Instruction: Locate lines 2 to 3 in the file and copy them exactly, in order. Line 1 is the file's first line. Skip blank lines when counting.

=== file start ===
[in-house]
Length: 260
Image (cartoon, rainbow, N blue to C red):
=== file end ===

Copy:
Length: 260
Image (cartoon, rainbow, N blue to C red):